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Re: careening, any ideas?

Back in the 1970's a number of us with long keels and protected rudders would gather at Ft. George Inlet on the west side of Little Talbot Island just north of Jacksonville's St. Johns River for "careening parties". ...'not a big crowd, but up to four boats at a time on a sandy beach with ca. 30* slope. We would take a 3-day weekend with successive increasing tides and all leaning away from the water, usually with the bows angled slightly more to shore. We would clean the way down during the ebb and paint at low with a lot of team work and crew that came for the event. We would cook out on the beach and turn the other side too for the next tide cycle. We never were approached by any authority with any inquiries; however, this was North Florida fifty years ago.
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Old 01-09-2022, 06:59   #25
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Re: careening, any ideas?

Not sure I would try this on purpose and it would require a third anchor if you were going to do it over more than one tide cycle, but ...
Early on I was sailing into a creek very late at night and I misread the chart resulting in running aground on a falling tide. Reverse did nothing, so in a panic I rowed out a kedge anchor and using the starboard main winch I accomplished nothing. Still in a panic I rowed out another anchor approximately 90 degrees to the first and warped it to the port main winch. Again nothing. The water continued to fall to the point where I could have walked around the boat without getting my feet wet had I any desire to do so at 3 in the morning.
The boat was perfectly upright. I warned the now exwife that we might flop over, but we might as well get some sleep. We did, and when the tide came back up the tensioned anchor rodes pulled us gently off the sandbar. Would I work under the boat in such a situation? Probably only in an emergency, and only if the kedge anchors were high and dry and easily inspected...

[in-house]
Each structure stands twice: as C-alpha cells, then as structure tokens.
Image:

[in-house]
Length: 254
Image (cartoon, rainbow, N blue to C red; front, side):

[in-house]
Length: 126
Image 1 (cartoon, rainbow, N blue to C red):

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Old 01-09-2022, 08:19   #26
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Re: careening, any ideas?

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Not sure I would try this on purpose and it would require a third anchor if you were going to do it over more than one tide cycle, but ...
Early on I was sailing into a creek very late at night and I misread the chart resulting in running aground on a falling tide. Reverse did nothing, so in a panic I rowed out a kedge anchor and using the starboard main winch I accomplished nothing. Still in a panic I rowed out another anchor approximately 90 degrees to the first and warped it to the port main winch. Again nothing. The water continued to fall to the point where I could have walked around the boat without getting my feet wet had I any desire to do so at 3 in the morning.
The boat was perfectly upright. I warned the now exwife that we might flop over, but we might as well get some sleep. We did, and when the tide came back up the tensioned anchor rodes pulled us gently off the sandbar. Would I work under the boat in such a situation? Probably only in an emergency, and only if the kedge anchors were high and dry and easily inspected...
This was basically how I stood my boat up to clean it off for a number of years however by taking the ropes I used up over the lower spreaders I much reduced the load on them.